$\phi \left[11\right]=10=2\times 5$

$\phi \left[23\right]=22=2\times 11$

$\phi \left[47\right]=46=2\times 23$

$\phi \left[59\right]=58=2\times 29$

$\phi \left[83\right]=82=2\times 41$... in this calculation “2” is the multiplier

and 5, 11, 23, 29, 47 … are lower twin primes and factors of primes totient values. (10)

Let we see some value of 2 (6*x* + 1) + 1, for *x* = 1, 2, 3 … we get

$14+1=15=3\times 5$

$26+1=27=3\times 9$

$38+1=39=3\times 13$

$50+1=51=3\times 17$

$62+1=63=3\times 21$

$74+1=75=3\times 25$... in this calculation “3” is the multiplier and

14, 26, 50, 62, 74 … are negated totient values. (11)

In the above calculations, 2 and 3 are plays important role. Twin primes are given by (6*x *− 1, 6*x* + 1), we could say 6*x *− 1 ≡ 6*x* + 5 mod 6. Two and three are additive factors of five and multiplicative factors of six and also difference of (3, 2) = 1.

Length metric of the (6*x* − 1, 6*x* + 1) is always two.

*i.e.*
$\left|6x+1-\left(6x-1\right)\right|=\left|6x+1-6x+1\right|=2$.

So the only distance of twin primes is always two.

So we concluded that generators of twin primes are constructed by 1, 2, 3, 5, and 6. So only we say the pair (6*x* − 1, 6*x *+ 1) givestwin primes.

Preposition 4: Let *x* ≥ 2 be the integer then
$\phi \left[\phi \left[\phi \left[\cdots \phi \left[x\right]\right]\right]\right]=1$. *i.e.*
${\phi}^{n}\left[x\right]=1$. (15)

Where *n* is the totient order of *x*.

Proof: Let *x* be any number then
$x>\phi \left[x\right]$.

Let we take $\phi \left[x\right]={x}_{1}$ then ${x}_{1}>\phi \left[{x}_{1}\right]$

By this way, we can obtain the totatives, $\phi \left[x\right]>\phi \left[{x}_{1}\right]>\phi \left[{x}_{2}\right]>\cdots >\phi \left[2\right]=1$ n

Ex 2:

1) Let *x* = 693 then
$693>\phi \left[693\right]=360$

$360>\phi \left[360\right]=96={\phi}^{2}\left[693\right]$

$96>\phi \left[96\right]=32={\phi}^{3}\left[693\right]$

$32>\phi \left[32\right]=16={\phi}^{4}\left[693\right]$

$16>\phi \left[16\right]=8={\phi}^{5}\left[693\right]$

$8>\phi \left[8\right]=4={\phi}^{6}\left[693\right]$

$4>\phi \left[4\right]=2={\phi}^{7}\left[693\right]$

$2>\phi \left[2\right]=1={\phi}^{8}\left[693\right]$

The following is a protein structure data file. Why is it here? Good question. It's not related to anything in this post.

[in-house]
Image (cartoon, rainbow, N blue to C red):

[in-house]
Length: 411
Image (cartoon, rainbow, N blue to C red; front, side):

Totient order of 693 is 8.n

5. Facts 2

1) If
$\text{GCD}\left(a,b\right)=k$ then
$\text{GCD}\left({a}^{n},{b}^{n}\right)={k}^{n}$, where *k*, and
$n\in Z$. (12)

2) If $\text{GCD}\left(a,b\right)=k$ and $\frac{a}{k}=c;\frac{b}{k}=d$ then

$\text{GCD}\left({a}^{n},{b}^{n}\right)={k}^{n}$ and
$\frac{{a}^{n}}{{k}^{n}}={c}^{n};\frac{{b}^{n}}{{k}^{n}}={d}^{n}$, where *c*, *d*, *k*, and
$n\in Z$. (13)

3) We can generalize above as If
$\text{GCD}\left({a}_{1},{a}_{2},{a}_{3},\cdots ,{a}_{i}\right)=k$ and
$\frac{{a}_{1}}{k}={b}_{1},\frac{{a}_{2}}{k}={b}_{2},\frac{{a}_{3}}{k}={b}_{3},\cdots ,\frac{{a}_{i}}{k}={b}_{i}$ then
$\text{GCD}\left({a}_{1}^{n},{a}_{2}^{n},{a}_{3}^{n},\cdots ,{a}_{i}^{n}\right)={k}^{n}$ and
$\frac{{a}_{1}^{n}}{{k}^{n}}={b}_{1}^{n},\frac{{a}_{2}^{n}}{{k}^{n}}={b}_{2}^{n},\frac{{a}_{3}^{n}}{{k}^{n}}={b}_{3}^{n},\cdots ,\frac{{a}_{i}^{n}}{{k}^{n}}={b}_{i}^{n}$, where *i*, *k* and
$n\in Z$. (14)

4) If ${p}_{1}{p}_{2}{p}_{3}\cdots {p}_{i}$ are distinct primes, then ${p}_{1}^{a}\ne {p}_{2}^{b}\ne {p}_{3}^{c}\ne \cdots \ne {p}_{i}^{\alpha}$.

5) We can write any composite number as the product of prime numbers. *i.e.*
$c={p}_{1}^{a}{p}_{2}^{b}{p}_{3}^{c}\cdots $

Preposition5: Let *a*, *b*, *c *are composite positive integers and *a* + *b* =*c*, also
$k=\text{GCD}\left(a,b,c\right)$ then*x *+ *y* = *z* is relatively prime with each other, where
$x=\frac{a}{k};y=\frac{b}{k};z=\frac{c}{k}$.

Proof:

Let *a*, *b*, *c *are composite positive integers and *a* +*b* =*c*, also
$k=\text{GCD}\left(a,b,c\right)$ then we can write *a* + *b* =*c *as
$xk+yk=zk$.

If
$\text{GCD}\left({a}_{1},{a}_{2},{a}_{3},\cdots ,{a}_{i}\right)=1$, we multiply each element of
$\text{GCD}\left({a}_{1},{a}_{2},{a}_{3},\cdots ,{a}_{i}\right)=1$ with *k*, we get
$\text{GCD}\left(k{a}_{1},k{a}_{2},k{a}_{3},\cdots ,k{a}_{i}\right)=k$, which means all the relatively prime numbers changed into composite number of *k*.

So we divide,
$xk+yk=zk$ by *k*.

Hence we get $x+y=z$ n (15)

Preposition6: Let *a*, *b*, *a *+ *b* are composite positive integers with GCD *k*, then we can find
${a}^{n}+{b}^{n}={\left(a+b\right)}^{n}-{\displaystyle \underset{i=1}{\overset{n-1}{\sum}}\left(\begin{array}{l}n\\ i\end{array}\right){a}^{n-i}{b}^{i}}$ with GCD *k ^{n}*.

If we divide
${a}^{n}+{b}^{n}={\left(a+b\right)}^{n}-{\displaystyle \underset{i=1}{\overset{n-1}{\sum}}\left(\begin{array}{l}n\\ i\end{array}\right){a}^{n-i}{b}^{i}}$ by *k ^{n}*, we get

Where $x=\frac{{a}^{n}}{{k}^{n}};y=\frac{{b}^{n}}{{k}^{n}}$ and $z=\frac{{c}^{n}-{\displaystyle \underset{i=1}{\overset{n-1}{\sum}}\left(\begin{array}{l}n\\ i\end{array}\right){a}^{n-i}{b}^{i}}}{{k}^{n}}=\frac{{a}^{n}+{b}^{n}}{{k}^{n}}$.

6. Definition: Residue Factors

Let *A* be a dividend, its factors are *abcd* and *B* be a divisor, its factors are *abc* then the residue factor of *A* ÷ *B* is *d*.

If *d* is even then the residue factor is even, else it is odd. *i.e.*

If